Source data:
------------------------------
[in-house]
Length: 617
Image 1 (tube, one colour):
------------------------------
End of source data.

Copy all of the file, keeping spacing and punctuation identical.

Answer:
[in-house]
Length: 617
Image 1 (tube, one colour):